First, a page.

However, this is not the Nixon era. For example, today capitalists already compete with each other to capture the future income streams provided by running a mass consumption economy on credit (debt) rather than income, and that highly-coercive private financial appropriation of future popular wealth has already given us enormous asset inflation, as individual asset owners are relieved of current structural limits like income stagnation. What would it look like to have commodity inflation on top of a mountain of asset inflation at the investment- and currency-core of the global capitalist system? That sounds mighty disruptive to me–sure, terrible for the working class, who by structural definition don’t own enough to protect themselves in capitalism…but it also looks like global capital wouldn’t even be able to see the US as a reliable chain gang boss to send their investment capital to anymore.

Because society in the resource-rich US has been organized and disorganized for this very purpose, the US state has small interest in losing the exorbitant privilege status. But in terms of credible threat and degrees of freedom to pursue more developmental and repairing social and environmental policy, the US state could probably bargain a lot better with global capital if its conservative political rentier class were increasingly sidelined. There probably is no ready substitute for the US as the capitalist stronghold. Starting with an imperial Presidency and antidemocratic judiciary, slavery, the Federalist framework and inter-state rivalry, the US worked long and hard to form itself into a giant, once-gilded, increasingly bare-life, militarized working-class prison. (The very structure that permits exceptional, meritorious metropole cosmopolitan sapeurs to efficiently abject and write off “ruined” hinterlands US life, enjoying their exceptional imperial space, instead of organizing for development.)

At this historical juncture, is any state in a position to take over and maintain global capitalists’ currency, to guard the globe’s privatized wealth? Is the City of London, with the (post-Brexit) UK state (not the EU) behind it, ready to step in? It’s a buttress and prod to Wall Street, but if the UK could run the global economy, they would. Now they’re mostly just a financial city-state. Is Brussels, with a European population that has long fought slavery on its shores and is heavily invested in ecological modernization? When Europe, particularly France, manoeuvered toward dropping the gold-backed dollar in the Nixon era, it wasn’t only because the US’s war against the Koreans was paid for with printed money, it was also because the European population did not support the Korean War as a reason to print money.  The incomplete mobilization toward dumping the US dollar required class coalition in Europe. Is China ready to take over the global interior-exterior capitalist gendarme role from the US? It’s still trying to build markets with social credit experiments.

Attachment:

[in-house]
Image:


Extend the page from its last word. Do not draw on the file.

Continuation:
There might be leverage here. Could the US state have any capacity to bargain harder and better with global capital at this historical point? Could this current historical constellation present US-global working class leverage, including through the Justice Democrats, as a contributor to a multi-tiered, internationalist, democratic strategy to distribute wealth for human development and ecological repair? We have less to lose than we have long imagined. Not only are we fast ecologically imploding, not only is wealth being rapidly extracted from the US hinterlands, but now we know, thanks to Piketty et al’s historical research, that capitalism will never be able to fulfill wealth distribution promises, always requires crippling and stunting inequality, and always requires “corrective” war anyway.

We have a lot to gain. What sorts of solidarity organization is needed to support strategy? To strategically soften the impact of belligerent capitalist strike strategies, including inflation and capital withdrawal, could the global working class build solidarity networks past the monstrous US policing system, to help US workers survive a potential, disciplinary inflationary blow-out, to win a class battle against global capitalists from the US, and correct socially- and environmentally-irrational capitalism?


A New International?

Because rents of global exploitation and appropriation have trickled down to US workers, it’s been easiest for global workers to say “Fuck that” to solidarity with US workers. On the US side, the working class is too immigration policy-selected, and police- and comms-disorganized to signal willingness to fight and sacrifice for the advancement of socio-economic and ecological rationality. The US has long perfected co-opting and constraining workers to conservatism with policing and military jobs, defanged and dwindling business-subordinated unions like the AFL-CIO, extending public subsidies that workers tap into to cycle through ratty small business ownership, and selling conservative morality narratives suggesting that White and ethnic exploitation and patronage networks are sufficient to weather capitalism.

But strategically, in terms of global internationalist strategy, US worker-consumers occupy a key economic niche, supplying the underlying value to global capitalists’ rents; and US workers have been suffering in that position for a while. Political science data (including Gilens & Page) say that everyday Americans are not as reality-resistant, not as conservative as they’re drawn.

We need organization.